Even before these increases come into effect, the cost of an average basket of basic foods has risen to R4 500 a month – nearly three times Ramaphosa’s minimum wage and 12 times the insulting R350 social relief of distress grant which millions of eligible people are not receiving anyway.

As interest rates head towards what some economists predict could be 6.3% by next year, the burden on the shoulders of the working class will become even heavier. The numbers of the 19m of the credit impaired (in arrears by tween 1 and 3 months) will swell significantly.

ConCourt Judgement on Public Sector Wages – A Declaration of Class War

It is against this background that the ConCourt judgement on the public sector wages must be understood. In an unprecedented development, the courts have now joined the capitalist class and the ANC government in this offensive against the working class. The Concourt’s judgement written in belligerent language dripping with anti-working class antagonism, had dealt a crippling blow to the credibility, even the legitimacy of public sector collective bargaining, setting a dangerous precedent.

It will inspire the bosses in the private sector to harden their stand already encouraged by other anti-union High Court judgements. If the economy can be used to justify cuts in the public sector, why not the private sector? The constitution already qualifies socio-economic rights by making their realisation “subject to available resources”.

It amounts to a declaration that there is no constitutional right to a decent standard of living and that freedom under capitalism does not include freedom from poverty. As Tito Mboweni said in responding to the question why he cut social grants in his last budget, “There is no contract that says the government is obliged to increase grants.” It confirms what Lenin pointed out: that under capitalism democracy is for the rich.

This explains the arrogance of the bosses in Clover and the mining industry. Confident that they have the backing of the ANC government, Sibanye has dug in its heels and rejected the mineworkers demand for a R1000 a month increase even as they award CEO Neil Froneman a R300m increase. This amounts to R25m a month and nearly R1m a day! It explains the government’s own arrogance in the public sector wage negotiations which they are bothering to participate in only to get the union leaders, who capitulated last year, to rubberstamp yet another predetermined attack. Weakness invites aggression.

Given these perspectives, the necessity for unity in struggle has never been greater. A counter-offensive against this onslaught is absolutely imperative. The weaponry of the class enemy in government, state-owned enterprises and the private sector is trained on both organised workers’ wages and conditions, but also on the wider working class through savage social spending cuts.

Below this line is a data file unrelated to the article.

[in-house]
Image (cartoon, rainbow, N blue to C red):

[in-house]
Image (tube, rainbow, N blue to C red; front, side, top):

In preparation for the battle to enforce these attacks, the government is now closing loopholes in the LRA amendments Ramaphosa came to office armed with. Having denounced the mineworkers’ 2012 uprising as a “criminal act that must be dealt with concomitantly” and creating the climate for the Marikana massacre, he is now determined to cripple the right to strike through compulsory secret balloting, rendering picketing powerless through draconian restrictions, and even to give his government the power to unilaterally call off a strike they regard it as “damaging to the economy”.

Begin the Counter-Offensive with a Public Sector General Strike

The MWP warned in 2020 that the public sector wage struggle will not be settled in the courts but in the streets. Whilst there was nothing wrong in principle in taking the legal route, it was supposed to be no more than a tactic, subordinate to mass action, to win the hearts and minds of the working and middle class public. The courts have, however, now made it clear where they stand.

The government’s “take it or leave it” arrogance derives from the fact that, emboldened by last year’s abject surrender, they are confident they have the Cosatu and Fedusa union leaders in their pockets; the former as voluntary inmates in the class collaborationist political prison of the ANC-led Tripartite Alliance, the latter supposedly “independent.” There is no need to await the outcome of the negotiations. From the standpoint of the government the outcome is already predetermined. The unions must abandon negotiations and mobilise for a public sector general strike now.